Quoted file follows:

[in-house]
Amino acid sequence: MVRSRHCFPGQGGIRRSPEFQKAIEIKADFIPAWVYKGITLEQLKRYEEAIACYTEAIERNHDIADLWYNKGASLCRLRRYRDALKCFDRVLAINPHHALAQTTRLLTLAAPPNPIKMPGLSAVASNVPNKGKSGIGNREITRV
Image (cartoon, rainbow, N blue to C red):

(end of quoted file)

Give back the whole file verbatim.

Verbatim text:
[in-house]
Amino acid sequence: MVRSRHCFPGQGGIRRSPEFQKAIEIKADFIPAWVYKGITLEQLKRYEEAIACYTEAIERNHDIADLWYNKGASLCRLRRYRDALKCFDRVLAINPHHALAQTTRLLTLAAPPNPIKMPGLSAVASNVPNKGKSGIGNREITRV
Image (cartoon, rainbow, N blue to C red):